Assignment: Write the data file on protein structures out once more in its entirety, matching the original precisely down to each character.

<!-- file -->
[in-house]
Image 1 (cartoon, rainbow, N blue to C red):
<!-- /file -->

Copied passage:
[in-house]
Image 1 (cartoon, rainbow, N blue to C red):